Review: Killzone: Shadow Fall

Nov 13 // Dale North
Killzone: Shadow Fall (PS4)Developer: Guerrilla GamesPublisher: Sony Computer EntertainmentReleased: November 15, 2013MSRP: $59.99 Killzone: Shadow Fall is set some 30 years after Killzone 3, in a time where the ISA and the Helghast are practically next-door neighbors, separated by a massive dividing wall -- a Berlin Wall-type situation. While there are still smaller bouts of fighting, the situation now leans more toward political conflict and distrust. There are two sides of this piece of Vekta, half covered with life and progress, and the other half with slums where refugees are barely scraping by.  So now, instead of going against waves of soldiers in all-out war, the fights in Shadow Fall are small and quiet, and are usually based around secret missions where protagonist Lucas Kellan has to keep a low profile as a covert operative. These are missions that are of the utmost importance to ISA, though Kellan begins to question their importance as he comes to understand the Helgan side of the story.  Shadow Fall is more open than any of the previous games, taking players out of corridors and into vast, open play spaces. In fact, the game’s first area is so large that I got lost in it more than once. I immediately found myself hiding in the bushes, nervous over just how much ground there was to cover. Fans of the series as well as shooter players will notice a new flexibility and openness here, with many stages having multiple options for approaches. For these areas, there are no wrong choices. You’re free to go with what fits your play style and mood best, which is a refreshing change.  It seems that avoiding engagement with any more than a couple of enemies is the going theme for Shadow Fall. It’s you against the Helgan world, so you’re best served by laying low, working to pick off enemies individually if possible. Of course, if you’ve got the chops, you’re free to take on everyone at once. But it seems that Guerrilla built Shadow Fall around more careful play, maybe taking cues from stealth games like Dishonored. This tone makes everything you set out to do feel a bit more meaningful, and that feeling ties in nicely with the game’s story. Most of the game’s missions have you doing things like sneaking across enemy lines to meet informants, or crawling in ducts to quietly take a target out. It’s stealth right alongside guns-a-blazing, making for a really entertaining mix across the 10 or more hours of the single-player campaign. In some cases, you can choose to play missions either way, though you’ll find a lot of them are best approached carefully. But you’re not completely alone out there. A remote drone called OWL is at your command, ready to be sent out to peek around corners and get some suppression fire going so that you can take a quick breather. OWL can also set up a temporary shield, jam other shields, hack into enemy security systems, and even send out a zip line for you. To call OWL useful would be an understatement. I don’t think I would have made it through this game without it. OWL’s control makes use of the DualShock 4’s touch pad, with directional swipes triggering its four main functions. Think of these swipes as a stand-in for more buttons on the controller. For example, to send OWL out to take down baddies, simply swipe upward to turn on its attack mode, move the reticle to where you’d like it to go, and then tap L1. OWL magically appears and starts laying down the hurt. Another tap of L1 brings him back. The zip-line function works the same way: swipe to the right, point, tap L1, and ride down. Shadow Fall’s objective system is simple and elegant. A tap up on the d-pad will give you a quick reminder of what you’re supposed to be doing as well as turning on a temporary waypoint to head toward. Holding up on the d-pad lets you get a better look at your objective as well as review your past ones.  The rest of the d-pad is used for other abilities, with the most useful being a scanning pulse echo that lets you see the position of enemies and items through walls. Holding down the direction increases the range of the pulse, but holding it too long sends out static that makes your location known to enemies. The opposite direction on the d-pad gives you a shot of adrenaline, which temporarily heals you up as well as slows down time, giving you a short double advantage.  Guerrilla attempts to break up the shooting with sequences with other types of action, though not all of these attempts are as enjoyable as others. Short sequences that have Kellan floating through space were a nice change of pace. Basic puzzles, mostly relating to unlocking doors or other pathways, reminded me of Dead Space, and were fine. But platforming in first-person is not an easy thing, and trying to do so on narrow platforms while dodging fast-moving obstacles was supremely frustrating. Finally, while the game’s couple of free-fall segments looked great, their control is clunky, which had me dying dozens of times each.  But these sequences are a small issue when factored into the full experience. Shadow Fall’s single-player campaign is well designed, thoroughly challenging, and full of surprises. It’s a journey that takes you from filthy underground ghettos to the top of towering skyscrapers, going up against everything from tiny automated robo-spiders to terrifying, building-sized sentries. There was never a dull moment.  Even if the single-player side of the game is good enough to warrant the price of entry, there’s still a robust multiplayer offering to add to it. Expect three classes, 10 maps, and almost two dozen weapons to play with. This 1080p, high-frame-rate offering will be what keeps you playing your PS4 beyond the launch window. Among the modes, Wargames have match rules changing over time to keep things lively. You’ll be thrown into games that have you capturing or destroying points alongside your standard deathmatches, all in a random rotation. And speaking of lively, all of the weapons are available from the start.  Instead of fighting to earn experience, you take on challenges during multiplayer to benefit your profile. Your rank goes up as you check items off the challenge list. For example, blowing up an enemy turret will add to your rank.  The action in Shadow Fall’s multiplayer keeps you on your toes, especially in one mode called Paranoia in the Park, where only scouts can play. You get one life, one gun for sniping, and no radar -- it’s kill or be killed. I spent a lot of time in the kill cams in this one. Play is fast, but not so fast that it’s hard to keep up. Being able to use the pulse echo to see all of your enemies within a short range is really nice, though they can see you just as well.  Matches take place across 10 maps, with fights going down anywhere from factories to penthouses to a future indoor shopping center. My favorite has you out in the woods in a wide area with plenty of hiding places in bushes and cave-like rock formations. You can climb up in tree perches to get your snipe on, but you’re a sitting duck for all those in hiding. Having cloaking abilities here makes things particularly interesting.  Guerrilla leaves it up to the players to determine match rule sets. Get as specific as you’d like with weapon requirements, lives, and player types, or leave it all open -- it’s up to you.  Of course, the feel is more important than any mode or progression method. I’m happy to say that Killzone: Shadow Fall is butter smooth in multiplayer, with aiming and movement that feel precise and well-tuned. I’m sure that Guerrilla put some solid work in under the hood to make this happen, but I feel like the DualShock 4’s new sticks and triggers are doing their part as well. I was surprised at just how quickly I became connected with multiplayer’s feel. Never has a game’s multiplayer locked in so quickly for me. If Killzone: Shadow Fall is what next-gen looks like, I’m pleased. Guerrilla aims to impress right out of the gate, with an opening that shows the high level of detail over what looks like millions of futuristic buildings glimmering in the sunlight. The full 1080p resolution with a solid framerate never let me down, and I got so used to how that looked that picking up a current-generation shooter right after was almost shocking. Background textures are almost photorealistic in places, and Guerrilla makes excellent use of PS4’s power to light scenes at every opportunity.  My only real visual gripe were the doughy faces and stiff animations in some of the cutscene closeups, though they have no bearing on gameplay. Aside from that, there was the rare set detail that looked poor in comparison to the foreground stuff, and some of the NPC models weren’t up to snuff. But for the most part, Shadow Fall is one hell of a looker.  I like Killzone: Shadow Fall for its change of direction from previous series games, as well as its change of pace over other first-person shooters. Guerrilla has tried a few new things this time around, and should be commended as such. I welcome the almost sandbox-ish level approach, and the stealth segments did a nice job of breaking up the standard shooting action. It’s really nice when gameplay concepts win out over big set pieces and cinematic events.  Oh, and it’s beautiful. A stunner. Killzone: Shadow Fall is the game that will make you happy to own a PS4. This needs to be on your PS4 launch game list.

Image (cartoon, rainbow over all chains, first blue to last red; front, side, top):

Killzone review photo
A fresh start
For franchise sequels that accompany system launches, it's not uncommon to see the reuse of assets or game engines. We've come to expect a simple turning up of the graphics, if you will. The good stuff? The brand new stuff? T...

Killzone: Shadow Fall photo
Killzone: Shadow Fall

Killzone: Shadow Fall launch trailer is a sight to behold

The PlayStation 4's flagship launch game sure looks pretty
Nov 12
// Kyle MacGregor
Killzone: Shadow Fall is locked, loaded, and ready to unleash a torrent of next-generation gunfire on PlayStation 4 later this week. With just a few days remaining until the opening volleys echo across the world, Sony h...
Killzone photo

40GB sound bad? Killzone: Shadow Fall could've been 290GB

Downloading the initial 7.5GB should be enough to get you started
Oct 24
// Jordan Devore
A previous report pinned Killzone: Shadow Fall as being around a 50GB download for PlayStation 4 users who opt for the PlayStation Network version. According to Eurogamer, the title is now 39.7GB in Europe and closer to 37GB ...

Killzone: Shadow Fall gifs showcase power and design

Graphics thralls, unite and be delighted!
Oct 24
// Jim Sterling
The Killzone series has always pushed graphical horsepower as one of its biggest selling points, and it's hard not to get excited at all the pretty lights and motion blur. As such, gorgeous gif images tend to crop up whenever...
Killzone: Shadow Fall photo
Killzone: Shadow Fall

Zipline like a Batman: 13 minutes of Killzone Shadow Fall

Once upon a time I was shadow fallin' in love, now I'm shadow fallin' apart
Oct 22
// Steven Hansen
Hey! You! Yeah, you! Killzone: Shadow Fall comes out next month (that's this...Shadow I wish I had used that when we were still in summer). If you're into it, you should cop this straight gameplay (starting around...

Killzone: Shadow Fall is a 50GB download

Thankfully there's Play as you Download
Sep 30
// Hamza CTZ Aziz
Sony UK's Fergal Gara sat down with Eurogamer to discuss all things PlayStation 4 where it was revealed that Killzone: Shadow Fall is coming in at nearly 50GB. Specifically Gara was talking about the PlayStation Network and g...
Guerrilla Games photo
Guerrilla Games

Guerrilla has a new IP in the works alongside Killzone

Studio has a desire to 'keep it fresh'
Sep 30
// Jordan Devore
As work on Killzone: Shadow Fall wraps up, some members of the development team have transitioned to another project. This isn't an uncommon practice -- certainly not for larger studios like Guerrilla -- but there is a sliver...